A Kadazan Wedding

Fervently written on June 13, 2006

A crude depiction of a Kadazan community gatherings. A street market in the 80’s.

Kadazan refers to an ethnic race in North Borneo.

A Kadazan Wedding Party – all you can eat and drink, and when I say drink, I mean drink – literally. Free beers, wine and toddy, all the way, all day, unless it’s the village cheapskate’s day. Several days ago, I was at one of those wedding bash in the kampong. The brother of my former classmate got married to a fine looking Kadazan girl. Dad is a family friend so he was invited. We’ve been car-less since dad’s pickup went kaput so he invited my uncle to go, because he has a car, and I, who’d been contemplating about my big bum lately, decided to tag along. Two men, on medication (one for high blood, the other for thyroid), about to dive into a gathering of drinking frenzy; no one can stop the tide. I’m just there for the ride, it’s either that, or stuck in a rut behind bedroom walls. Paarrrr – Tay!

One by one trees passed by and I was staring enthusiastically at the change of scenery through the car window. Bumping along the gravel road, we finally arrived at our destination. As is the nature of a kampong wedding party, I could see the line of parked cars a mile a way (an overstatement – but you get the idea).

Stepping off the car, beep! Beep! Bloke radar tracked a fine looking boy just leaving with the family. ‘Damn, couldn’t you stay a little longer?’

Loud band music blared in my ears as I trod the ground towards the obviously non-subdued crowd. Flashes of smiling teeth painted the scene and I could see myriads of mouth gaping, liberating suppressed get-to-together laughter, filling the party with the mirthful sounds so natural to Sabahan culture. Ah, bless our hillbillies. You can’t find a scene like this in boring West Malaysia, with the beers and upbeat drunkards and – oh wait, you can. Those God forsaken pubs with the GROs, Chinese Ah Beng, and high-on-pill turds swinging their fancy hips to techno music with – err… I digress.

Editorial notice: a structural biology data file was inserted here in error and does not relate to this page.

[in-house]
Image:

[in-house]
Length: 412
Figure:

With all the people around, I was a bit self-conscious. Who wouldn’t when your height is taller than the average Kadazan girl (I wish my butt was average too).

With my uncle by my side *dad had vanished* I went to grab those inviting food, shutting all eyes that were staring at me, and concentrating on the thing that would bless me with an even bigger bum.

With a plate in my hand, I searched for the next thing in mind, a place to rest my fat behind where I could consume the food in gluttony. There were hardly vacant seats, but I found one, next to a cordial looking woman.

When I asked her if the seat was taken, she said with a somewhat nervous smile, “Tidak. Tapi ada itu gula getah, itu budak-budak kasi lekat. (No. But there’s a bubble gum. Some kids had stuck it there,)”

I said, “Tidakpalah, boleh duduk juga (Never mind. I can still sit here anyway)”. Perhaps she sensed me as some fancy city girl, what with my intimidating height – no lady, I’m just another a gatecrasher, there for the food and for the scene.

Tame Kadazan/Dusun Wedding guests. Photo by Doug Furtek